Tags

, , ,

By Carrie Brown-Wolf

Today’s politically correct climate calls communities, schools, and businesses to question their holiday traditions. But don’t toss the A pile of Christmas gifts in colorful wrapping with ribbons.Christmas tree or Kwanzaa candles out just yet. Employees benefit from a healthy holiday party or other gathering. Options DO exist. Follow these tips to create an all-encompassing holiday tone.

* Survey employees to discover their cultural heritage in a positive, informative manner. The EAP is in a perfect position to assist. This is a terrific time of year to engage people in their personal identities. Let workers know that your organization cares about their personal lives and does not want to offend or exclude anyone. Moreover, raising the issue of cultural and religious diversity will help eliminate fears and misconceptions. If a business sets an accepting tone, employees will feel the freedom to express themselves. However, allow people to opt out of participating if it is sensitive or uncomfortable.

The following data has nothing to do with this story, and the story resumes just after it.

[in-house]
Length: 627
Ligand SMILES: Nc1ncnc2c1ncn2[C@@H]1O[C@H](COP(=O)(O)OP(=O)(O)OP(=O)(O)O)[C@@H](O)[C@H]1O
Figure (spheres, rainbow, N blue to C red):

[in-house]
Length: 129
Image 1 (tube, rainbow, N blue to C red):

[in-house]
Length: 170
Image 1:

* Decorate and design a non-offensive holiday party. Almost all cultures cherish and celebrate light during the dark winter months. String white lights throughout the office and light candles during formal parties. Include employees by asking them what they’d like to see.

* Offer a training program workshop to raise awareness. Workshops can be specific to gender issues, race and ethnicity, etc. Again, the EAP may be able to assist.

* Celebrate all traditions. Play ethnic music and offer a variety of foods at holiday gatherings. Through the survey, discover what foods aren’t tolerated by their culture and don’t offer them. Don’t back away from wishing someone “Merry Christmas,” but also offer “Happy Hanukkah” or “Happy New Year.”

* Say “hello” in a different language — for instance, Arabic (Marhaba) or “peace be with you” in Hindi (Namaste). However, be clear the intent isn’t to speak another language, but rather to recognize and respect cultural heritage.

We live in a global society and organizations should reflect and encourage personal traditions. Communication, productivity, and a peaceful atmosphere will abound.

Carrie Brown-Wolf is a national speaker and author of “Soul Sunday: A Family’s Guide to Exploring Faith and Teaching Tolerance.” For more information, visit http://www.carriebrownwolf.com.   Author’s note: This article originally appeared in the December 2013 issue of “Employee Assistance Report”. To find out more, visit http://www.impact-publications.com

Advertisements